In this paper, we assume a normal copula model for the joint distribution of the variables and maximum likelihood for parameter estimation. For the normal copula explicit formulas for the likelihood function and conditional distribution are available. The conditional mean will usually need to be obtained by numerical integration. Because this is a onedimensional integration, there are wellestablished accurate algorithms for obtaining the answer. Thus, this ease of use is one of the reasons we have selected the normal copula. The methodology presented in this paper can be used with other multivariate copulas (such as t or elliptical), but they would require extensive numerical analysis.
Note that if all the variables are assigned the normal distribution and the normal copula is used, the results of maximum likelihood estimation will match those from OLS. Thus, like GLM, this method is a (different) generalization of the OLS model.
3. Parameter estimation
The normal (multivariate normal) copula function is defined as (Song 2000)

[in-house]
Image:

CR(u1,…,un)=G[Φ−1(u1),…,Φ−1(un)]
where Φ(u) is the standard normal cumulative distribution function and G is the multivariate normal cumulative distribution with zero means, unit variances, and correlation matrix R. The matrix R has ones on the diagonal and the off diagonal elements are correlations. However, it is important to note that when the normal copula is used these are not the correlations of the modeled variables.
Thus, for arbitrary marginals, the distribution function induced by the normal copula is
F(x1,…,xn)=G{Φ−1[F1(x1)],…,Φ−1[Fn(xn)]}
If the marginal distributions are continuous then the density function is given by (Clemen and Reilly 1999; Nelsen 1999)
f(x1,…,xn)=f1(x1)f2(x2)⋯fn(xn)exp{−vT(R−1−I)v2}×R−0.5
where
is a vector with th element and is the identity matrix. Note that if the correlations are all zero, then is the identity matrix and the joint density is the product of the marginal densities and all the variables are independent.This density function can then be used to determine the likelihood function.
Since we will be estimating predicted values using the conditional mean of Y given the independent variables, we will need the conditional distribution of x_{n} given x_{1}, . . . , x_{n−1}. It is
f(xn∣x1,…,xn−1)=fn(xn)exp{−0.5[{Φ−1[Fn(xn)]−rTR−1n−1v∗}21−rTR−1n−1r−{Φ−1[Fn(xn)]}2]}×(1−rTR−1n−1r)−1/2